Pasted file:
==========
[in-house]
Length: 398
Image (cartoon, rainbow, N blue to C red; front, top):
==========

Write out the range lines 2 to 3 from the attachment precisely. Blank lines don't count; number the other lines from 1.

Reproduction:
Length: 398
Image (cartoon, rainbow, N blue to C red; front, top):